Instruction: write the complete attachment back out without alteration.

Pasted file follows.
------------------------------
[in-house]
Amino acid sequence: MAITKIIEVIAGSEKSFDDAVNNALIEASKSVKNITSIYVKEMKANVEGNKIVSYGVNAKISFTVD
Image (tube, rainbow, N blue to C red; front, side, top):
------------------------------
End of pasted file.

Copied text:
[in-house]
Amino acid sequence: MAITKIIEVIAGSEKSFDDAVNNALIEASKSVKNITSIYVKEMKANVEGNKIVSYGVNAKISFTVD
Image (tube, rainbow, N blue to C red; front, side, top):